Stanley Ellin was the first author who popped to mind when I read this week's question: "If you could choose a dead author to mentor you today, who would you choose and why?" But then, he's also the author who pops to mind most often when I'm talking about some aspect of short story writing in the mystery genre.
A couple of weeks back, at the Books Alive! conference hosted by the Washington Independent Review of Books, I was on a panel with Donna Andrews, Laura Lippman, and Brad Parks, and one of the attendees asked about the requirements and rules of mystery fiction—which prompted an eager discussion about how the breadth and diversity of the genre ultimately means that there aren't any, "except," someone quipped, "that you have to have a crime, of course."
...to which I replied, "Well, actually.... I've just taught two Stanley Ellin stories in my short story class at Mason, and neither of them features a crime, and one of them won the Edgar for Best Short Story, so....."
Ellin is a master of the short story for a variety of reasons: the crispness of his characterization, the tightness of both his plotting and his prose, the relentlessness of his suspense, and then that combination of cold scrutiny, sly humor, and wicked irony. A careful, methodical craftsman (his short stories were published at the rate of about one per year for almost his entire career), he steeped himself in tradition, as he explained in the introduction to The Specialty of the House and Other Stories: The Complete Mystery Tales, 1948-1978:
So it was that even before adolescence I was deep into popular magazine writers who... now stand propped up as literary monuments on academia's lawns. I read Hemingway, Faulkner, and Scott Fitzgerald hot off the press. Ring Lardner, who still eludes the monument-makers, I worshipped. Simultaneously, there were explorations of the volumes in the family bookcase, among them collections of Mark Twain, Kipling, Poe, Stevenson, and de Maupassant....
Stanley Ellin, 1916-1986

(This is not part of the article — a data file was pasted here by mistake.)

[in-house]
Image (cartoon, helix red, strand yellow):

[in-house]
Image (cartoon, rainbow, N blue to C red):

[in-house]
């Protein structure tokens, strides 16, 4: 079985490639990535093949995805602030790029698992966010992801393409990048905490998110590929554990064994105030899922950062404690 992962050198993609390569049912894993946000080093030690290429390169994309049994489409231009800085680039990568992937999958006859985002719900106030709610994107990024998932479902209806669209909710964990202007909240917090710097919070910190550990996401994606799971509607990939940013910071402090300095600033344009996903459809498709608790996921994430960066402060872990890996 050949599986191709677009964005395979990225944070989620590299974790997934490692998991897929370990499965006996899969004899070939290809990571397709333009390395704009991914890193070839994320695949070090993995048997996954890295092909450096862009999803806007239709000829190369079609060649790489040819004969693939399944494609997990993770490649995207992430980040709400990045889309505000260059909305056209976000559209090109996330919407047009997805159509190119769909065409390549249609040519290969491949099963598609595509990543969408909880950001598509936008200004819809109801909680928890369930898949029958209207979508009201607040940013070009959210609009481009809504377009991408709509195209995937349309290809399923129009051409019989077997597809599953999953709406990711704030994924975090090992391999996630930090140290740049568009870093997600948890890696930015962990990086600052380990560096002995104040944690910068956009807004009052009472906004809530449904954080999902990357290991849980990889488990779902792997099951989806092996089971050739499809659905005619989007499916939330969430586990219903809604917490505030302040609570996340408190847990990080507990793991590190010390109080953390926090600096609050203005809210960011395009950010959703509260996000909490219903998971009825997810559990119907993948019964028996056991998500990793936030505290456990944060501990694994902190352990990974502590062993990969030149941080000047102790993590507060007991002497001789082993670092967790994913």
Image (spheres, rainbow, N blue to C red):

Poe bred the blackest fantasies in me. De Maupassant's stories made me uneasy. I knew that something highly interesting was going on between the lines but couldn't quite fathom what it was. I also knew intuitively, even in my extreme youth, that here was a writer who reduced stories to their absolute essence. And that the ending of each story, however unpredictable, was, when I thought of it, as inevitable as doom.
The true magic again.
But at the same time that he was inspired and influenced by these past masters—incorporating that "true magic" into his own carefully polished tales—he was also innovative and even subtly revolutionary in his own way. Perhaps his best known stories include one that never clearly states the dire trouble beneath its surface, another whose ending leaves you perched on the edge of what happens next, and a circular tale whose ending is just another beginning.
Writers don't always make the best teachers, of course. The imaginative mind—creating, constructing—might not always be the best one to define, describe, organize and pass along "how to" advice. As Ellin himself discovered (see that paragraph above again), the writer learns first by reading. But at the same time, I'd have loved the chance to meet Ellin, to talk about his approach, to try to learn something, anything, there at the feet of the master.